1) We encountered a depression during the 1930s, in part due to Harding/Coolidge and Hoover administration policies which reduced taxes and eliminated regulations during the 20s.
2) America spends more than a decade getting back on it's feet.
3) Starting in the late 90s, we eliminated the regulations passed in the 30s and lowered taxes.
4) We now act all frigin surprised that a depression/panic has begun, and may be suffering the fate of Japan circa 1982.
While I appreciate (and have agreed with) many Republican efforts to reduce bureaucracy, this is different. Regulation does NOT equal bureaucracy. I am simply talking about simple, basic RULES to defend ourselves against greed, a trait which is inherent in ALL human beings (some more so than others). Capitalism and democracy actually need these rules, otherwise, the system simply implodes due to an enormous disparity and/or by some other significant sociological event (i.e. revolution). I don't think we need a new agency manned with 16,000+ government employees, rather, we just need some rules here and there. Even Greenspan finally conceded last month that "hey, maybe assuming that the institutions would police themselves on how they handled derivatives was a bad idea."
Speaking of derivatives, please keep in mind that THIS is the real cause of the current crisis. It isn't due to ACORN (who McCain has supported in the past - plenty of you-tube videos out there), or forcing the government to give home loans to people who deserved them, etc. Some brilliant minds from our top educational institutions formed a new financial instrument. This instrument repackages risk and basically turns it into it's own commodity of sorts. However, without any regulations, this multi trillion dollar market spun out of control so bad, financial institutions didn't have an accurate account of what they own. Think about that for a second - the Citibanks, the Lehman Brothers with their tens of millions of dollars of computers, analysts, etc. didn't really have an idea of WHAT THE F they owned, much less the risk it represented!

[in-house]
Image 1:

The downturn of the housing market is the catalyst to this mess, but it was bound to happen anyway, thanks to lack of regulations and the insane, idiotic notion that bankers would not succumb to greed. We have experienced a real estate correction of some sort every 10-15 years, and it was never this bad. The bullshit "transfer of risk" dream in the residential mortgage market accomplished nothing except to crash the system. Both democrats and republicans did nothing while large groups of people were given access to credit they didn't deserve, or even ask for on many occasions (I think everyone on this thread has had plenty of experiences where credit just seemed too easily accessible). Shame on them.
By the way, Obama wants to roll back the clock on the tax system to the early 90s for families making more than 250k/year. We could get into a semantic argument about raising taxes vs. rolling back tax cuts, but . . . . hmm. . . .I think we all did pretty damn well during the 90s, and I know of many people who made more than 250k who also fared well and were not taxed to death. While this change in taxation may not directly create jobs, I don't think it will remove any either. Taxes on small business will be lowered under the Obama plan (including capital gains, allowing you to buy other businesses without the feds imposing prohibitive taxes). I agree with eventually moving more money to the states and local municipalities, but since we are in a war, I prefer we deal with that now, rather than dumping this on future generations. My kid(s) can help rearrange federal vs. state vs. local tax allocations some other day. Also, given that during the peak of the financial crisis, McCain changed his stance EVERY DAY FOR A WEEK, I don't really consider him competent to handle this type of problem moving forward. He clearly doesn't have a grasp of what is going on, and what we're in for.